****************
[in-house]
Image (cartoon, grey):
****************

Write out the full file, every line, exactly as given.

[in-house]
Image (cartoon, grey):